Larger organisations are often found in the news as victims of cyber crime. We have seen NHS hospitals taken off-line by WannaCry last year and how a presidential election can be sabotaged with email hacking. What about smaller businesses?
The Hiscox 2018 Cyber Readiness Report was published this month and 4100 organisations from the UK, US, Germany, Spain and The Netherlands were tested and evaluated as part of the report. 7 out of 10 organisations were found to have failed the passing grade.
Inside the report, The data showed that if you are a company of 1-19 staff, there is a 23% risk you will be targeted by hackers. If you are a 250+ staff company, the number leaps to 55% and for those with 500+ staff, the number averages around 70%
You may be thinking "Well yeah, that is obvious!, of course the bad guys will go after the bigger targets" but the bulk of businesses hit by cyber crime were not the main target to begin with.
The WannaCry cyber attack affected 150 countries and over 230000 devices. The hackers behind the attack first used WannaCry on the 10th of February 2017 against a single company. After acquiring a copy of a stolen NSA cyber-tool, the hackers let the virus loose globally in May 2017 with devasating results to companies, Government bodies and the UK NHS.
The average cost for a small business is between £2k - £500k after a cyber attack. Cyber criminals are spending more time and effort targetting large groups of businesses and scooping as many as they can in a single strike. All it takes is for a member of staff to click on a bad attachment in an email and your business is compromised.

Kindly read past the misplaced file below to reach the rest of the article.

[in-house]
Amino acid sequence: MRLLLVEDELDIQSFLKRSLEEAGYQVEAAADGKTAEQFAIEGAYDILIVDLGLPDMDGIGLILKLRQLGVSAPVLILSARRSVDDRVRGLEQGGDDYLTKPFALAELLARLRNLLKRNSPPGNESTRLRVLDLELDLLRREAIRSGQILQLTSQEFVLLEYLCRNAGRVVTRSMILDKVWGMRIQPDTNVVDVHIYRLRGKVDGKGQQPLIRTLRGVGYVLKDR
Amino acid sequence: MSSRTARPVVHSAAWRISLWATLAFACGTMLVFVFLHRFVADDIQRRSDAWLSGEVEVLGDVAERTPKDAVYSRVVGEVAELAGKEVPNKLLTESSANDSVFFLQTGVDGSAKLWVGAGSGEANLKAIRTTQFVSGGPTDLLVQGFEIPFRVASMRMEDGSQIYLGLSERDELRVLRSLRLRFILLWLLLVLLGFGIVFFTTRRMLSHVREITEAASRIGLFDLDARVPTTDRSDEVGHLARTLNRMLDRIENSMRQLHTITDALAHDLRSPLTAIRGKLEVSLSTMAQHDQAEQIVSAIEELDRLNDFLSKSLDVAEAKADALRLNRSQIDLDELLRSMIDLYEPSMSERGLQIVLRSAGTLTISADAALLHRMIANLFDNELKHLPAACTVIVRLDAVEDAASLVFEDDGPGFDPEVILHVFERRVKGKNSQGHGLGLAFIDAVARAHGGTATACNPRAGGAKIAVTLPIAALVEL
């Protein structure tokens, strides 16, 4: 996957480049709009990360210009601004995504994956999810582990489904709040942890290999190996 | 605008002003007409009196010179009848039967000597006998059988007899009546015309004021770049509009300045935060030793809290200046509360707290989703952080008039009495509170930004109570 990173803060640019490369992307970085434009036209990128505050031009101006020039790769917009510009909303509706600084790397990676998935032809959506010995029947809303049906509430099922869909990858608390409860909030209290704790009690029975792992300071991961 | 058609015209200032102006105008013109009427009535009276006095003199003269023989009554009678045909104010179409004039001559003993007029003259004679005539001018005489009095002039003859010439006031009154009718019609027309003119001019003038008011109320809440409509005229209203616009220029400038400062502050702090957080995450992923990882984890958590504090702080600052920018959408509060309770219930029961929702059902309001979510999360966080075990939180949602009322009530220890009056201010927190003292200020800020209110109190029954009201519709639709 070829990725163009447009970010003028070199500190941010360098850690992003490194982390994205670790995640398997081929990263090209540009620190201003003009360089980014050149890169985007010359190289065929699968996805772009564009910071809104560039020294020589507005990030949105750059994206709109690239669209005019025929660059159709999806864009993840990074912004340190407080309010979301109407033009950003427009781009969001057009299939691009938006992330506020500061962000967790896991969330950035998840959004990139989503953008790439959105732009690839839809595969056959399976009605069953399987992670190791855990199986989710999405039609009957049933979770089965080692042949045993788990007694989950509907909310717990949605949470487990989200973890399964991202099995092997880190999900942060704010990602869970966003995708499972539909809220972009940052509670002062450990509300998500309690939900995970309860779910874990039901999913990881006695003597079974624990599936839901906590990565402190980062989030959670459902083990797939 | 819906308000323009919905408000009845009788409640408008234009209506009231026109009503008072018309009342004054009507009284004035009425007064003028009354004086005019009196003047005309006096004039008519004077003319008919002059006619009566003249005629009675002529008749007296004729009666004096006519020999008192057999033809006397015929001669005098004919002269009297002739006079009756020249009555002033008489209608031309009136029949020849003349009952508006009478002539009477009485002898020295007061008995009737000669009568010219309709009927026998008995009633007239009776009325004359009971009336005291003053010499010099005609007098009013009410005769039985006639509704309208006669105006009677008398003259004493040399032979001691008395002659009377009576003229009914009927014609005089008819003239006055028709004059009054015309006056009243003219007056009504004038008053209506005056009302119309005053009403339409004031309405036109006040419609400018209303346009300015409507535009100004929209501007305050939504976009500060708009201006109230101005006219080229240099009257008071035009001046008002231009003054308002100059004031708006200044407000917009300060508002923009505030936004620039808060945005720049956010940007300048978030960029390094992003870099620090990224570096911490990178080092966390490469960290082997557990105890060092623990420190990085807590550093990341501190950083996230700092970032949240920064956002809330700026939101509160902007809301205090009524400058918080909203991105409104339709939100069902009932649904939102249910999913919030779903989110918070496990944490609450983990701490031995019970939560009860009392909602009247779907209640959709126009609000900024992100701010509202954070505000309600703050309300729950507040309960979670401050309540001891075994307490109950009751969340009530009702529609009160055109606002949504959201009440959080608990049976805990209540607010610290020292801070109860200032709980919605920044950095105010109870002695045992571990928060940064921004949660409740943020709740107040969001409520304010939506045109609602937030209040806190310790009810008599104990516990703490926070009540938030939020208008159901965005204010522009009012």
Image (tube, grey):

As 73% of organisations are unprepared for a cyber attack today. What can small businesses do?
Do not spend money on technology solutions alone.
"The Hiscox view
Spending on technology is often the easy
part. To be effective, you have to move
on all fronts together. That means people,
processes and technology. Simply
spending on technology is not enough
without a fully structured, rigorous set of
processes combined with people who are
fully aware of the issues. It is especially
disappointing that so few people appear
to simulate a cyber attack and practise
what to do when their systems go down."
There are cyber security products which have been sold into businesses, and the same businesses will still suffer a cyber attack after spending the money on a solution, consider the following suggestions instead.
- If you have IT staff in house, when was the last time you invested in training for them? If there is a cyber incident, how quickly can the business get back up and running? Is there a plan and process?
- For employees in the business, have they been taught security-101? Are they being responsible with data and doing their best to keep it secure? Are they accidentally letting the bad guys in?
- Have you considered Cyber-Insurance? Remembering that if you have not been found to have done your part, the insurer may not pay out.
The GDPR clock is ticking for cyber-security
When GDPR comes into effect in May 2018, If personal data on individuals is stolen in a cyber breach, possible fines of up to eighteen million pounds will be issued to the business if they have not done enough to safeguard the data.
Next steps for help
We help a number of businesses with their cyber-security concerns, from a one off anti-hacker test to on-going defence of their business and data.